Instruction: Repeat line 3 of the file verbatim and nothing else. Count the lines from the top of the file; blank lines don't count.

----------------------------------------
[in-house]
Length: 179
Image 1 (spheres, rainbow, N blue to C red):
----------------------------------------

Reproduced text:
Image 1 (spheres, rainbow, N blue to C red):